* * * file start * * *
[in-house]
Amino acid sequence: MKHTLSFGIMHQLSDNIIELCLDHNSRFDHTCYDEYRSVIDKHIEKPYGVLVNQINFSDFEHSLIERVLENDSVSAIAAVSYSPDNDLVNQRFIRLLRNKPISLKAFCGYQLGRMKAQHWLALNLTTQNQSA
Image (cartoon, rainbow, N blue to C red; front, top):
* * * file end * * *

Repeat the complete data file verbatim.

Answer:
[in-house]
Amino acid sequence: MKHTLSFGIMHQLSDNIIELCLDHNSRFDHTCYDEYRSVIDKHIEKPYGVLVNQINFSDFEHSLIERVLENDSVSAIAAVSYSPDNDLVNQRFIRLLRNKPISLKAFCGYQLGRMKAQHWLALNLTTQNQSA
Image (cartoon, rainbow, N blue to C red; front, top):